We’re halfway through October. Pre-pandemic meant we would normally have seen the Sacramento Vegan Food Festival, and we’d be halfway through a month of packed restaurant tables around town as part of the annual Vegan Chef Challenge.
Both events have soldiered on this month, though both have had to pivot to accommodate state and local health regulations.
The Sacramento Vegan Food Festival on Oct. 3 and 4 became the “Sacramento Vegan Foodtruck Frenzy.” It was a significant shift for the festival, which held its inaugural event last year in Cesar Chavez Plaza. That first event clogged the park’s arteries with a tangle of food truck lines and overwhelmed vendors.
The volume of vegans willing to pay an entry fee was so large that event organizers decided to make the event twice a year and move it to the Capitol Mall. That second event, slated for spring…well, you know what came next.
And as the need for social distancing continues, the Sacramento Vegan Festival decided to move to Rancho Cordova and carry on with a semi-contactless drive-thru event. Carloads of vegans and the veg-curious were able to order from participating food trucks via QR code or text, with contactless payments. Event organizer Miguel Castillo said via email that all vendors were required to wear masks and gloves for the duration of the event.
On to the Vegan Chef Challenge, which lasts until the end of the month. Each October, participating restaurants add vegan items to their menus, packing their dining rooms daily with hungry pro-veg customers.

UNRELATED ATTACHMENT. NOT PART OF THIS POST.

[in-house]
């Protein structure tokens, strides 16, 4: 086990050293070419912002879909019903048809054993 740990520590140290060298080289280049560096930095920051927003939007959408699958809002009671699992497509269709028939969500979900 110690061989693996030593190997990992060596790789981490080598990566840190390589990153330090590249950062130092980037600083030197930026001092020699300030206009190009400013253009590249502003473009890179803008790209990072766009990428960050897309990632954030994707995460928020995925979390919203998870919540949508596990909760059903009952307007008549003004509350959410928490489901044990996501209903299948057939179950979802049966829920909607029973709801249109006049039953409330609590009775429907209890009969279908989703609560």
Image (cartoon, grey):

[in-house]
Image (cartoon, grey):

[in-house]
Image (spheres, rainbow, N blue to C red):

It’s possible those customers are still packing restaurants. I couldn’t tell you; I’m not even ready to go back to outdoor dining.
The organizers of Vegan Chef Challenge realize lots of others are wary, so they’ve dubbed this tenth annual challenge the “Covid 19 Take-Out Edition.” This year, there are 41 competitors, including traditional sit-down restaurants in Sacramento, Roseville and Folsom, plus a dozen pop-up or meal prep contenders.
Vegan Chef Challenge founder Bethany Davis acknowledged the difficulties of conducting a large-scale event during the pandemic: “[This] is about continuing the mission of Vegan Chef Challenge…with due respect to chefs, restaurants, and diners alike that while COVID is something to be taken seriously, we can still encourage vegan dining choices while stayin[g] within the COVID-conscious restrictions & guidelines.”
While many of us only care about the food, the organizers lean on the “challenge” side of things: Diners can vote for their favorites on the Vegan Chef Challenge website. In a nod to the tough blows Sacramento restaurants have sustained, this year’s organizers have allowed participating restaurants to limit the minimum number of dishes from the usual three to just one, and have placed less emphasis on presentation in the voting.
With a large number of this year’s participants in the pop-ups or direct ordering category, you should visit the site for full contact information.
I’ve done my VCC ordering takeout-only, and plan to support participating restaurants through the rest of the month. Please consider doing the same. However you choose to enjoy October’s vegan bounty, recognize that it’s a tough time for restaurants in general, let alone those adding menu items in slim times. Show gratitude, TIP WELL and TIP OFTEN.